Tuesday, November 10, 2009

Gayle, Gayle, How Does Your Garden Grow?

It's time to put my garden to bed for the winter. I took a walk through the damp withering plants and found a handful of green beans.



Not enough to make a side dish but definitely enough to put in one of my soups this week.


I also found that I had several green cherry tomatoes and at least 6 romas left on the vines. I pulled up the root ball and hung them upside down in my garage to ripen. The nutrients from the roots goes back down to the tips of the plant and turns the green tomatoes red. So we'll be eating a few more garden fresh tomatoes by next week.



Next I'll be using the Lasagna garden method to build up my soil and get it all healthy and nourished during the winter. It also provides amazing weed control so next year I basically just walk into my garden space and begin planting again. No digging, no tilling, no weeding.


I've already starting making a list of new veggies I'd like to add and expansion ideas for next year. I'd like to grow fresh lavender, more fresh herbs to dry and store, more leafy greens, and maybe grow just one crop in each raised bed so I can have plenty to can next year. One bed of tomatoes, one bed of green beans, one bed full of cucumbers for pickling and then one experimental bed for new or smaller crops.


Good news. My transplanted artichoke plant that spent the whole spring and summer recuperating from it's move from my mothers garden to mine, is sprouting beautiful new shoots and I'm looking forward to fresh artichokes on my dinner table.


How does YOUR garden grow?

7 comments:

Farmgirl Cyn said...

ll, right now my garden is done for the season. We have had several hard frosts, so there is really nothing left. But...I have put your book recommendation on my Amazon Wish list, so we shall see!

gail said...

you may have written a post about this already, but i'll ask anyway. how much do you figure you save annually on groceries by gardening? or do you garden for other reasons?

Shawn said...

Oh, how can you talk about gardening now? It's such a long time until spring! Especially here in the far north. I try my best not to start planning until March, that way I won't put seeds in cups too early. This year, my tomato plants were way to big by the time the last frost came through on June 9th. Only a couple survived the transplant. :( Next year I plan to plant a lot more potatoes and carrots and I want to start a bunch of strawberry plants. What I need to plan the most is a budget so I can buy the things I need when I need them! I'm always broke when strawberry plants are in nurseries! We were suppose to build another raised bed last weekend, but it got pushed ahead to this weekend. The one I have now is 5 ft by 25 ft, but its too crowded with tomato plants in it. Can't wait for spring!!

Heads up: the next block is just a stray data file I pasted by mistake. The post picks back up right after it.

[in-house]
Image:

Chaney said...

I have to admit I'm drooling a little bit. We live in WY where it's very difficult to get things to grow. Most people here use square foot gardening, however this year it was just too cold to get most things to grow. We got a total of 2 tomatoes, 1 squash and 2 beans. It was a little bit of a waste of money. I think we may have to put in a green house soon!

King of Green said...

just came across your blog-Great idea.
Gardening is one of my passions and a great way to keep the grocery bill down. We are just harvesting the last of the garden- some carrots, beets, a few more leek, maybe another meal from the swiss chard. These are all the crops that will tolerate the cooler November weather here in S. Ontario. We bought very few vegetables since April and have given a lot away.

Johnlyn ~ said...

I just posted a picture of my pathetic looking cherry tomato plant, but it has a few red tomatoes on it. Had it not been in a container in my garage, it would be dead by now.

I'll be looking forward to your posts in the spring when you start planting!

maudie-mae said...

Remember to use your washing machine to wash your beans when you wash them.